Schulze, born in 1941, studied forestry and biology and in 1997 he exchanged his professorship at the University of Bayreuth with the directorship at the newly founded MPI for Biogeochemistry in Jena. His scientific career began with investigating the linkages between plant functions and the cycling of carbon, water and nitrogen. He subsequently enlarged his scientific fields to the observation of large scale ecosystems and the significance of biodiversity in the global element cycles. Schulze has made seminal contributions to the identification and quantification of carbon sources and sinks with the aim to better understand the causes of the anthropogenic greenhouse effect.
Currently Professor Schulze is engaged in studying ecophysiological processes in trees, exploring continental transects in Australia and Siberia as well as studying soil processes. Being a forester himself Ernst-Detlef Schulze feels very strongly about the linkages between nature and species conservation and the economic aspects of forest management.
Over the past decades Ernst-Detlef Schulze received numerous awards and recognitions such as the Bavarian State Medal in Silver (1990), the Max Planck Research Prize (1992), the Bullard Prize of the Harward University (1997), the Vernadsky Medal of the European Geosciences Union (2004), the Deutsche Umweltpreis (2008), and the appointment as leading scientist at the Siberian Federal University of Krasnoyarsk connected with a fellowship of the Russian government (2010). The Ernst Haeckel Prize is now rewarding the ‘senior ecologist’ for his contributions to the European ecological science - congratulations!
Susanne Hermsmeier | Max-Planck-Institut
Tracking down pest control strategies
31.01.2018 | Technische Universität Dresden
Polymers and Fuels from Renewable Resources
29.01.2018 | DECHEMA Gesellschaft für Chemische Technik und Biotechnologie e.V.
A newly developed laser technology has enabled physicists in the Laboratory for Attosecond Physics (jointly run by LMU Munich and the Max Planck Institute of Quantum Optics) to generate attosecond bursts of high-energy photons of unprecedented intensity. This has made it possible to observe the interaction of multiple photons in a single such pulse with electrons in the inner orbital shell of an atom.
In order to observe the ultrafast electron motion in the inner shells of atoms with short light pulses, the pulses must not only be ultrashort, but very...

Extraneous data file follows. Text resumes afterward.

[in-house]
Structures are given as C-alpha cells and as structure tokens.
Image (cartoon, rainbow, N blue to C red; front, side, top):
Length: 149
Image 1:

A group of researchers led by Andrea Cavalleri at the Max Planck Institute for Structure and Dynamics of Matter (MPSD) in Hamburg has demonstrated a new method enabling precise measurements of the interatomic forces that hold crystalline solids together. The paper Probing the Interatomic Potential of Solids by Strong-Field Nonlinear Phononics, published online in Nature, explains how a terahertz-frequency laser pulse can drive very large deformations of the crystal.
By measuring the highly unusual atomic trajectories under extreme electromagnetic transients, the MPSD group could reconstruct how rigid the atomic bonds are...
Quantum computers may one day solve algorithmic problems which even the biggest supercomputers today can’t manage. But how do you test a quantum computer to...
For the first time, a team of researchers at the Max-Planck Institute (MPI) for Polymer Research in Mainz, Germany, has succeeded in making an integrated circuit (IC) from just a monolayer of a semiconducting polymer via a bottom-up, self-assembly approach.
In the self-assembly process, the semiconducting polymer arranges itself into an ordered monolayer in a transistor. The transistors are binary switches used...
Breakthrough provides a new concept of the design of molecular motors, sensors and electricity generators at nanoscale
Researchers from the Institute of Organic Chemistry and Biochemistry of the CAS (IOCB Prague), Institute of Physics of the CAS (IP CAS) and Palacký University...
15.02.2018 | Event News
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12.02.2018 | Event News
23.02.2018 | Physics and Astronomy
23.02.2018 | Health and Medicine
23.02.2018 | Physics and Astronomy